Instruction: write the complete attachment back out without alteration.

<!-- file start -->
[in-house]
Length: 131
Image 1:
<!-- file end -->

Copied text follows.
[in-house]
Length: 131
Image 1: